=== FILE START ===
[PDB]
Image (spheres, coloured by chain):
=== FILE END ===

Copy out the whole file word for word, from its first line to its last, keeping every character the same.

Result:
[PDB]
Image (spheres, coloured by chain):